From the office windows and balconies of those in power, it looked as though a tide was swallowing cities whole.It was an amazing, powerful moment full of hope.But there was no unifying message, no concrete demand, no specific goal or 10-point action plan.Now we see: There didn’t have to be.The women’s march ignited an energy that roiled and swelled through the rest of the year.By the end of 2017, a seismic change in American culture began toppling dozens of sexual predators in the #MeToo movement.A surge of female candidates ran for office and won a stunning number of elections, from city mayors to the nation’s statehouses. Categories: Editorial, OpinionIt didn’t feel like this on Jan. 1, did it?But 360-something days later, 2017 has turned out to be the Unexpected Year of the Woman.A shocker, yes. Because remember, 2016 was supposed to be the official, glass-shattering Year of the Woman. Hillary Clinton made history as the first female major-party candidate for president.Air Force Gen. Lori Robinson became the first woman to head a U.S. combatant command.Kathryn Smith was hired as the first female NFL coach. American women did the job at the Olympics, clanking home with the majority of the country’s medals.Harriet Tubman was picked to replace Andrew Jackson on the $20 bill.Three women of color – a record number – were elected to the Senate.And at long last a woman, Samantha Bee, joined the dude-dominated lineup of late-night shows.Then came the backlash.Even though the majority of American voters elected a woman to the White House, the electoral college – a convoluted institution created by men – gave the presidency to a man with 2.8 million fewer votes.And that man, Donald Trump, made a hobby of objectifying women, insulting women and openly bragging about grabbing women. And it felt as though 2017 might be the year that the massive boulder women have been pushing uphill for centuries rolled back down.But no.It turned out to be the exact opposite, and, in a way, far more powerful than any of the milestones of 2016.The year began with what was believed to be the largest march the country has ever seen.On Jan. 21, the day after the inauguration, women and the men who support them filled the streets, plazas and squares of Washington and cities across the country, as well as across the world.It was a breathtaking mass of humanity.On the ground in the nation’s capital, it felt as though no square foot of land was empty. It was 51 percent of the population demanding long-overdue change in the way we are treated.In one year, our nation went from a place where 46 percent of American voters didn’t mind having a commander in chief who brags about grabbing women’s genitals to a place where a celebrity chef who allegedly gropes his female employees isn’t considered fit to be in the kitchen.We are officially traveling at warp speed, my friends.The Unexpected Year of the Woman was breathtaking, and the momentum can’t be stopped.Watch out, 2018.Petula Dvorak is a columnist with The Washington Post’s local team who writes about homeless shelters politics and social issues.More from The Daily Gazette:EDITORIAL: Thruway tax unfair to working motoristsEDITORIAL: Beware of voter intimidationFoss: Should main downtown branch of the Schenectady County Public Library reopen?EDITORIAL: Urgent: Today is the last day to complete the censusEDITORIAL: Find a way to get family members into nursing homes “Women claimed big victories” with the Nov. 7 elections “in a night that marked many firsts and could signal the start of a sea change for women in politics,” wrote Governing magazine, a publication not known for breathless declarations on culture and feminism.“The sheer volume of success for women candidates was a surprise to many, mainly because they were running against incumbents who historically win re-election 90 percent of the time.But not this year. Incumbents in Georgia, New Jersey and Virginia all lost their seats to women.”The milestones women achieved last year were significant, for sure. But for the most part, they were seals of approval bestowed upon women by the patriarchy.Women made progress because men at male-led institutions scooted their chairs over a bit – just a bit – and let a few women join their circle of power.But what happened in 2017? That was organic and driven by women.It was a massive shift in our culture.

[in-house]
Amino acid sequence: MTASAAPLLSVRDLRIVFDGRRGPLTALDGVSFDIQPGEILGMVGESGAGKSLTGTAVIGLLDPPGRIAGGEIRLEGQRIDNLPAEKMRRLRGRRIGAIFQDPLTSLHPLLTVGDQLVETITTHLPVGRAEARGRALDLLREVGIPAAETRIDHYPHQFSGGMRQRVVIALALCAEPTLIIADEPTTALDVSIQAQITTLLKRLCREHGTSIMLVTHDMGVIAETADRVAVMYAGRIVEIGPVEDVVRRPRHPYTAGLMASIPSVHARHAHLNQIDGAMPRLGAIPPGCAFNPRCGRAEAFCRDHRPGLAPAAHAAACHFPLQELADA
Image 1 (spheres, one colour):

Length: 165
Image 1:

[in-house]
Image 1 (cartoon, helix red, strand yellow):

A survey conducted by LaporCOVID-19 (Report COVID-19) community reveals that Jakarta is not yet ready to enter the so-called “new normal” as the capital is gearing up to ease social restrictions. Based on the survey, the group has expressed concern that the new normal policy might instead cause a spike in transmission as there is low risk perception of COVID-19 among Jakarta residents. The survey took place between May 29 and June 2 in collaboration with Singapore’s Nanyang Technology University (NTU) Social Resilience Lab. It was aimed at finding how Jakartans perceive the risk of COVID-19 using a risk perception index developed from sociological theories of risk.On a scale of 1 to 5, where 1 equals critically low, Jakartans scored 3.46 in the risk perception index, meaning they were between “rather low” and “rather high”. NTU associate professor Sulfikar Amir said the score should be 4 or higher for the capital to apply the new normal policy.“Overall, we can say that residents of Jakarta are not yet ready to enter the new normal phase until we reach a score of at least 4,” Sulfikar said during a virtual discussion session on Thursday.“If the survey reaches the score of 4, it means that residents have become more disciplined and are aware of the risk of COVID-19, which is [suitable to] reduce the transmission rate in the capital,” he added.Read also: Jakarta discusses ‘new normal’ possibilities for nightclubs, massage parlorsThe survey measured several variables to determine the index score, namely knowledge and information about COVID-19, how much the participants are willing to protect themselves from transmission — such as by wearing a protective mask as well as their social and economic condition, in addition to their overall risk perception.The close-ended survey asked 3,079 participants from almost all subdistricts in the capital city several questions, such as “in your opinion, how likely are you to contract COVID-19?”, “how likely are you to help acquaintances that have contracted COVID-19?”, and “how much has your income decreased due to the pandemic”. Respondents were also questioned about their knowledge of the disease, such as its symptoms and methods of transmission.Sulfikar said Jakartans received a relatively high score in terms of their knowledge and information regarding the disease and how much they are willing to protect themselves. However, they scored lower in economic and social conditions, which affected the overall risk perception scoring.Sulfikar, for example, said a poor economic condition might result in someone risking their health and safety by going out to work instead of staying at home.To improve residents’ risk perception, Sulfikar said the Jakarta administration needed to be consistent in educating the public about the pandemic. Additionally, LaporCOVID-19 co-founder Irma Hidayana suggested that the administration should be more transparent about COVID-19 data, such as the number of deaths among suspected individuals showing symptoms. Transparency is an important factor as the survey also showed that 66.9 percent of respondents trusted the data provided by government officials.National Development Planning Minister Suharso Monoarfa previously said that the new normal policy was aimed at keeping the economy running while maintaining restrictions. However, on the other hand, the country faces slumping economic growth and a looming recession. Read also: Experts warn of turbulent ‘new normal’ amid COVID-19 data, testing issuesIrma said the government carried the responsibility of ensuring social and economic welfare of the people during the national health crisis.“[In a state of health quarantine], social and economic assurance should be provided by the government so that an alarming condition [showed in the survey] that affects public perception does not happen,” she said during the discussion. “The  Constitution guarantees social and economic rights, especially during a pandemic like this,” added Irma.Jakarta, the epicenter of the epidemic in Indonesia, continuously records the highest number of COVID-19 cases in the country. As of Wednesday, the Health Ministry reported 7,623 confirmed cases with 523 fatalities. However, Coordinating Economic Minister Airlangga Hartanto has suggested that Jakarta is one of the provinces ready to enter the new normal phase despite concerns over the low testing capacity and incomplete data in the country.The capital applied the first period of large-scale social restrictions (PSBB) from April 10 to 23, with several extensions prolonging the period until June 4.On Thursday, Jakarta Governor Anies Baswedan decided to extend the period of large-scale social restrictions (PSBB) to the end of June as Indonesia’s capital city enters the transition phase with gradual easing plans in place for several sectors.Topics :